Where in Jamaica would you find a resident magistrates court?

Where in Jamaica would you find a resident magistrates court?

Resident Magistrates Courts (Eastern Jamaica) Manchioneal P.O. Annotto Bay P.O. Richmond P.O.

What is the role of the magistrate court?

District judges (magistrates’ courts) hear criminal cases, youth cases and also some civil proceedings in magistrates’ courts. They can be authorised to hear cases in the Family Court. Some are authorised to deal with extradition proceedings and terrorist cases.

What is Resident Magistrate court?

Magistrates courts are primary courts, district courts or courts of a resident magistrate. The Act defines jurisdiction proceedings relating to land and in case of customary law. A primary court, in proceedings of a civil nature, may order the recovery of possession of land.

Which court is the highest court in Jamaica?

The Supreme Court of Jamaica
The Supreme Court of Jamaica is responsible for hearing serious civil and criminal matters. At the parish level, the Resident Magistrates’ Courts deal with less serious civil and criminal offences.

Who sits in a magistrates court?

What is a magistrate? Magistrates (also called Justices of the Peace) are ordinary people who hear cases in court in their community. They sit in benches of three, including two ‘wingers’ and one who sits in the centre who has received special training to act as chair, known as the Presiding Justice.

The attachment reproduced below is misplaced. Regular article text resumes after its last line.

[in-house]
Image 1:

Who appoints the resident magistrate?

The Chief Justice
(1) The Chief Justice shall appoint for each region a resident magistrate-in-charge to perform the supervisory, administrative and judicial functions of a resident magistrate-in-charge in the region.

Why are there 3 magistrates?

Magistrates generally sit in threes in order to give judgement on a variety of cases in magistrates’ courts, youth courts and family proceedings courts. A qualified legal adviser sits with the bench in the court room and is available to them at all times during the court sitting.

What is resident magistrate court?